Treaty of Saint Petersburg (1875)

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Japan-Russia Treaty ratification, 22 August 1875.
Border changes in the Kurils

The Treaty of Saint Petersburg (樺太・千島交換条約 Karafuto-Chishima Kōkan Jōyaku?) (Russian:Петербургский договор) was signed on 7 May 1875 between the Empire of Japan and Empire of Russia. Its terms stipulated that Japan give up all claims to Sakhalin island in exchange for undisputed sovereignty over all the Kuril islands up to the Kamchatka peninsula.[1][2]

The Treaty was ratified on 22 August 1875.

The Treaty of Shimoda of 1855 had defined the border between Japan and Russia to be the strait between Iturup (Etorofu) and Urup (Uruppu) islands in the Kurile chain, but had left the status of Sakhalin (Karafuto) open. Without well-defined borders, incidents between Russian and Japanese settlers began to occur. In order to remedy this situation the Japanese government sent an ambassador, Enomoto Takeaki, to Saint Petersburg to clearly define the border. After a year of negotiations, Japan agreed to renounce its claims to Sakhalin, with compensation for Japanese residents, access by the fishing fleet to the Sea of Okhotsk, ten-years free use of Russian ports in the area and ownership of all of the Kuril Islands.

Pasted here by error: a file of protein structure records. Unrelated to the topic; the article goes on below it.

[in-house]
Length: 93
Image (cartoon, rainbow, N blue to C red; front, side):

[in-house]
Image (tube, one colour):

See also


  1. G. Patrick March (1996). Eastern Destiny: Russia in Asia and the North Pacific. Praeger/Greenwood. ISBN 0-275-95566-4.<templatestyles src="Module:Citation/CS1/styles.css"></templatestyles>
  2. Tim Chapman (2001). Imperial Russia, 1801-1905. Routledge (UK). ISBN 0-415-23109-4.<templatestyles src="Module:Citation/CS1/styles.css"></templatestyles>